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Education


Life issues lead to dropping out of school, which creates new life issues
More than 112,000 students quit Ohio's high schools between 2006-2010
Story by AMY HANSEN


 
Staff and students at Bedford High School, where the dropout rate is about 4 percent. In nearly Cleveland, the rate is more than six-fold that.
Courtesy of AMY HANSEN, STATEIMPACT OHIO
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Over the next several weeks, our education reporting team at StateImpact Ohio will be focusing on what many consider a crisis: kids dropping out of high school. The consequences are often dire - both for the dropout and the larger society.

StateImpact reporter Amy Hansen begins with an overview on w is dropping out and why, and their life prospects are without a diploma.

 

LISTEN: The big picture of dropping out

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Bedford High School’s assistant principal Robert Rutkowski will proudly rattle off his students’ accomplishments:The Bearcat football team broke records last year, and the school puts on a great musical. He’s much more guarded when talking about kids dropping out. But he concedes it’s a persistent problem. He recalls one student in particular -- a girl who got mixed up with the wrong crowd, he says, developed a substance abuse problem, and eventually left school.

“She always struggled with grades, always. She always had run-ins with teachers, always was getting in trouble, always was getting suspended because of her run-ins with teachers.”

Forty-seven Bedford Heights High students dropped out in 2010, putting the school’s dropout rate at about 4 percent.  That’s not so high when compared to the 25 percent and higher dropout rates at some high schools in neighboring Cleveland. 

Steady rate but wide disparities
Joshua Hawley is the executive director of Ohio Education Research Center at Ohio State University. His group tracked Ohio’s dropout rates from 2006 through to 2010 for the Ohio Department of Education.

Statewide, more than 112,000 students dropped out of both traditional and charter schools during those five years, according to its findings. The dropout rate, it calculates, held steady at about 3 percent. 

But Hawley says the dropout problem is not universal. 

“If you look at the map for the state, it’s a problem that’s concentrated in some schools.”

And most are in or near the six largest public school districts in Ohio: Columbus, Dayton, Akron, Toledo, Cincinnati  and Cleveland. Those urban districts comprise a little more than 8 percent of all traditional public schools in the state, but account for more than 37 percent of all dropouts.

Students in those districts, who are predominantly African American or Hispanic, are six and a half times more likely to drop out than their rural and suburban peers, Hawley’s report says. Across the state, white students also drop out in significant numbers, but the dropout rate of blacks and Hispanics is much higher. 

One common factor: life issues
Colleen Wilber is vice president of communications for America’s Promise Alliance, a nonprofit group that looks to increase the nation’s graduation rate.  She says most dropouts of all races share a common characteristic. 

“I think one of the things we see sort of across the board here is that these are students who are struggling with a lot of life issues and other issues outside of the classroom.”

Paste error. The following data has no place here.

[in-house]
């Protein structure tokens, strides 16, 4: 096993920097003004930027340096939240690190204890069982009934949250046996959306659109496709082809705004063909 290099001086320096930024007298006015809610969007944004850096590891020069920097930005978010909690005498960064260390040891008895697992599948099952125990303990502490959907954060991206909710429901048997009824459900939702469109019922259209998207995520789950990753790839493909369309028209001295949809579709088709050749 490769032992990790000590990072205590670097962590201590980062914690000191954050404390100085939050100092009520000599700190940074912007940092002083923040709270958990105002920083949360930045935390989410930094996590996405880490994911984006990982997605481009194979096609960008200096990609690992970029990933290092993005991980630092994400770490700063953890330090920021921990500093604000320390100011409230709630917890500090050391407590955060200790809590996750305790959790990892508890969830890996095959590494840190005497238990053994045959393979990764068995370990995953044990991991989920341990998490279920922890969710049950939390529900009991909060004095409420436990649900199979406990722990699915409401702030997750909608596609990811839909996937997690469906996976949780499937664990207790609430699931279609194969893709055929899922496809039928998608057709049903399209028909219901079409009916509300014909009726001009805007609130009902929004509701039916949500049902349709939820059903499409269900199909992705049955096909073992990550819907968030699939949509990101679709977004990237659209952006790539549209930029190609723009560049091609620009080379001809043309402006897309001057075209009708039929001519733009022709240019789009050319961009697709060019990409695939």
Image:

Wilber points to what she calls the “the ABCs of dropouts” -- attendance, behavior, and course completion -- as being among the best indicators of who is at risk. 

“A kid who misses more days of school is obviously is at risk for dropping out more than other students. Behavior, a lot of these kids have behavioral issues, and again we’re going back to these toxic environments, other things they’re dealing with in their life. They tend to have more suspensions, more disciplinary issues, things that keep them out of school. And then (there are) course credit and completion; so how are they actually doing in school when they’re there?”

Accumulated costs
Dropping out, studies show, carries big economic costs. Over a lifetime, people who don’t complete high school earn on average of $200,000 less than those who do, and $1 million less than college graduates. That lost productivity is not only detrimental to the individuals, Wilbur says; it’s a drag on the society at large.  

“We know that kids who don’t graduate are more likely to engage in criminal behavior. They’re much more likely to require social services. They also tend to have more health problems, and it also tends to be a cycle. ... Kids who drop out, that cycle often continues with their own children, so it’s important to break that cycle.”

That cycle’s real for Bedford High’s Robert Rutkowski. Back in his office, he shows me a packet with “BHS Dropout Survival Guide” printed in big, black letters.

In future StateImpact stories we'll look deeper into what causes kids to give up on school, what's being done to keep them from dropping out, and programs that offer alternatives for those who do.

The pages are filled with a list of other options he discusses with students before they decide to leave school: alternative education programs, online schools, or taking the GED. 

And he always reminds students that they’ll make a lot less money than they would if they’d graduate with that high school diploma.

But he says sometimes even this last-ditch effort isn’t enough.

“You spend so many countless hours with these students to try to prevent that kind of thing from happening, and it just breaks your heart that it sometimes does.”

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